VMware is laying off a small portion of its workforce, according to reports.
In a confirmation to CRN, the cloud-and-virtualization company suggested that the layoffs were part of a workforce-rebalancing strategy, telling the publication that the reductions would impact “less than one percent of the total employee population.”
The company also insisted that it rebalanced its workforce on a regular basis, and that it was currently recruiting in certain areas. VMware has around 31,000 employees worldwide.
VMware is undergoing a seismic shift at the moment with the departure of CEO Pat Gelsinger, who is leaving to become head of Intel. Dell is also planning on spinning off its massive VMware stake this year.
VMware’s cloud and virtualization products, most notably its hypervisors, have been a longtime component of many corporate tech stacks. In many enterprises, these technologies allow sysadmins, network engineers, and other technologists to effectively control and scale massive multiprocessor and cluster installations, as well as run apps in a variety of different environments.
If you’re interested in working with corporate tech stacks and back-end infrastructure, you’ll probably need to become familiar with VMware technology in some capacity. It also pays to keep in mind that many companies hiring technologists to work on that infrastructure will want you to have VMware certifications. Currently, VMware offers 21 formal certifications, along with “digital badges”; the most popular certifications include the VSphere and virtual core cert, including the VMware Certified Professional Data Center Virtualization 2020 (VCP-DCV 2020) certification.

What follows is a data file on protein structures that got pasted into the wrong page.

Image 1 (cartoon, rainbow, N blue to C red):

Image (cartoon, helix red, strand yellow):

Beyond certifications, VMware offers documentation and walkthroughs about its technology products. Its learning hub offers a combination of live and self-paced online classes. That’s in addition to classes and online instruction via third-parties such as Udemy and IBM.
VMware isn’t the only tech company laying off workers this month. For example, Dropbox announced in mid-January that it would lay off 11 percent of its workforce, or 315 people, as it sought to switch product strategies. In a corporate blog posting, Dropbox CEO Drew Houston wrote: “The steps we’re taking today are painful, but necessary. Our recent decisions regarding our new leadership structure and remote work policy have set us on the right path, and now we need to make sure our teams and investments also line up.”
On a broader level, though, it seems that the tech industry is doing its best to weather the uncertain economic conditions unleashed by the COVID-19 pandemic. According to CompTIA, technology-related jobs grew by 391,000 positions in December 2020, while the overall tech-occupation unemployment rate hit 3 percent, much lower than the 6.7 percent rate for the broader economy.